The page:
In terms of physics, work equals force times distance, and power is defined as
work per unit time. Two months is the unit of time that elapsed between the two photographs of a ship’s hull that also represent a starting point and a finishing point for Katharina Gruzei’s photo series entitled Bodies of Work. The work performed both industrially and manually lies between the pictures, made perceivable to the senses through the visible changes in the workpiece.
For all the high-tech production processes involved, there is still ‘proper’ work being done at the Linz shipyard1)Österreichische Schiffswerft AG (ÖSWAG) was founded by Ignaz Maier in 1840 and looks back at an eventful history lasting more than 170 years; today, it is the last Danube shipyard of its kind in Austria. Besides renovation and repair work it still builds new passenger ships and river ships for inland waterways and rivers. ÖSWAG consists of the shipyard proper and a mechanical engineering firm. where the series was created. Hard physical labour, dirt, dust, sweat, shavings and filings: here the clinically meticulous world of full computer- controlled automation has not yet taken over completely, an aspect that was of significance to the artist from the moment she began working on her concept. The title deliberately alludes to two different levels of meaning. Bodies of Work is to be understood not just in the sense of a complex of works, a body of work, a workpiece, but also as a ‘working body’: It is about the human body (in this instance exclusively male) that performs the work, embedded in an industrial environment. Gruzei’s focus is trained not just on the classic relationship between man and machine. She depicts actual work situations, often melding the human body with the mechanical, apparatus- based body to evoke hybrid beings, cyborgs, and astronauts. Gruzei’s sensitive image concept is not aimed at glorifying industrial technology or hero-worshipping the working body. Kitted out in protective working gear designed to ensure their safety, these ‘working bodies’ seem strangely fragile, at times even insecure, almost lost among these oversized machine parts.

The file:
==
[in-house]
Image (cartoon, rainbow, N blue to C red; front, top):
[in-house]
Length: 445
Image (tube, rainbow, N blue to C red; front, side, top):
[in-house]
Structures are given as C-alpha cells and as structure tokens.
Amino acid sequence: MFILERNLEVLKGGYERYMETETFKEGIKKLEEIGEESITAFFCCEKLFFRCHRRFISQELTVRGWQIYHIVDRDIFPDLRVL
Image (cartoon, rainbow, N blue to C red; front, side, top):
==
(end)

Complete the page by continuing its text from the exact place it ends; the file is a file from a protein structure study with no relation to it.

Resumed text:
A river cruiser pulled ashore for repairs seems to fade into the autumn mist like a phantom ship, mirrored only in the gently lapping waters of the Danube. In the photographs that opens the photo series, that same ship appears utterly radiant, like a shimmer of hope, contrasting with the darkness of the shipyard workshop that provides the architecture framework. The workshop, built in the 1970s as shipbuilding flourished, seems porous and brittle: a symbol of the changing industrial work environment and its socio-cultural and socio-political aspects.
|￪1||Österreichische Schiffswerft AG (ÖSWAG) was founded by Ignaz Maier in 1840 and looks back at an eventful history lasting more than 170 years; today, it is the last Danube shipyard of its kind in Austria. Besides renovation and repair work it still builds new passenger ships and river ships for inland waterways and rivers. ÖSWAG consists of the shipyard proper and a mechanical engineering firm.|
Gabriele Hofer-Hagenauer is the director oft the collection for photography and curator for modern and contemporary art at the Landesgalerie Linz at the Oberösterreichisches Landesmuseum.